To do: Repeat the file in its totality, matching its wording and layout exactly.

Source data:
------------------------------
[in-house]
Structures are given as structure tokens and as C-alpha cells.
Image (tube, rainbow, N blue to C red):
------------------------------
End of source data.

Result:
[in-house]
Structures are given as structure tokens and as C-alpha cells.
Image (tube, rainbow, N blue to C red):